A law firm that previously provided services to the now-defunct cryptocurrency exchange FTX has refuted a class-action lawsuit brought against them claiming that it assisted in the exchange’s alleged fraud.
According to a Sept. 21 court filing, Fenwick & West, a United States law firm, denies all accusations of misconduct related to the provision of legal services during FTX operations:
“It is black-letter law that an attorney cannot be held liable for conspiracy or aiding and abetting a client’s wrong “‘as long as [his] conduct falls within the scope of the representation of the client.’”
The plaintiffs contend that while Fenwick provided regular legal services within the bounds of the law, Sam Bankman-Fried allegedly misused the advice to advance his fraudulent activities.
They further argued that Fenwick exceeded the norm in its service offerings to FTX.
“Plaintiffs allege that Fenwick can nevertheless be held liable because Fenwick purportedly “provided services to the FTX Group entities that went well beyond those a law firm should and usually does provide,” the filing noted.
Employees of Fenwick allegedly chose to depart from the firm and join FTX voluntarily.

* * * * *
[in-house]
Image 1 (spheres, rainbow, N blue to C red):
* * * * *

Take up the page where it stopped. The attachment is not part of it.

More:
The plaintiffs also outlined that Fenwick assisted in establishing corporations used by Bankman-Fried in his fraud, and advised FTX on regulatory compliance in the evolving crypto trading landscape.
However, Fenwick argued that it should not bear liability, as it was not the sole law firm representing FTX. It asserts that it played a relatively minor role in providing various aspects of legal advice to the bankrupt exchange.
“If Plaintiffs’ allegations were sufficient to state a claim against Fenwick for conspiracy and aiding and-abetting liability, then any lawyer could be hauled into court and forced to answer for his client’s misconduct. That is not the law.”
This comes after the FTX debtors filed a lawsuit against former employees of the Hong Kong-incorporated company Salameda, which was previously affiliated with the FTX group.
FTX has initiated legal action to reclaim $157.3 million, alleging that the funds were illicitly withdrawn shortly before the exchange’s bankruptcy filing.